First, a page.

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How to write a technical resume that’ll get you hired

The ISM IT Resume Guide

How to write a technical resume that’ll get you hired

These resume tips work for all IT jobs that require skills in development (coding), business analysis and design, infrastructure and administration, implementation (system configuration and deployment), support, and/or IT management. The guidelines can also be used for more creative roles (graphic designer, UI designer, etc.), but there are also other options for those jobs which actually showcase visual or presentation skills.

Some basic formatting rules:

  • We’re in Asia. Make sure the document size in Word is set as A4 (not “Letter”).
  • Use one font (per language) not a lot of different ones, and no more than two font sizes. A font size of 11 or 12 points is generally a good choice. Anything smaller than 10 is too small to read. You can use bold to highlight especially relevant words or phrases…but don’t overdo it, or it loses its impact.
  • Be consistent with spacing and alignment (tip: use tabs, not spaces to make sure paragraphs line up correctly). Using 6-point paragraph spacing between some sections (like between these bullets) can make the resume more readable without wasting space.
  • Keep the overall layout simple and not too crowded. Leave some white space and use comfortable margins. Make it obvious where to look for information.

Unless you are asked for one, including a photo (at the top) is a personal decision. But if you do add a picture, do NOT make it an old, fuzzy picture in your graduation gown. It should be a clean, current, professional looking image (even if taken with your phone), showing either head and shoulders or just your face. Like a passport picture but not so formal – look confident, and don’t be afraid to smile!

Save the resume as a pdf for sending to employers, but keep the Word version, because some companies and recruiters may request that.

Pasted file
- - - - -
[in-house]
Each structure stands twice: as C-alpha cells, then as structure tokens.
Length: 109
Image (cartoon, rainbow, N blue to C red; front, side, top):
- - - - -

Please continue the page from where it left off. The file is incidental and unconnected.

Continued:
Remember that the purpose of your technical resume is to get you an in-person interview. It does NOT need to be a deeply detailed document describing every program you have ever written, every course you’ve taken, every meal you’ve eaten… (Here’s another tip: no one in HR will read it that carefully anyway). BUT keeping it short and sweet does NOT mean that you should leave out important, meaningful, and relevant information.

If you have just two or three jobs to describe, you can probably keep the resume to one page. If you have 10+ years of work experience, an effective summary might need two, or even three full pages, and that’s OK. The important thing is WHAT you describe, not the length of the document.

Don’t include general phrases like “team player”. (Do you think any employer is ever looking for the opposite? Have you ever seen a job ad that says “must be an anti-social loner”?) On the other hand if you have actual team leadership experience, i.e. you’ve been responsible for the performance of a group, you’ve delegated tasks, mentored subordinates, etc., then definitely include that in your job descriptions.

Read the sample resumes which follow the template – see how they tell a story? With a list of core skills, a short and relevant summary, and just a few key examples in the description of each job, someone can quickly understand the “arc” of your career, your strongest skills, and whether or not you might be a good fit for a particular company and position. Click here to download sample resumes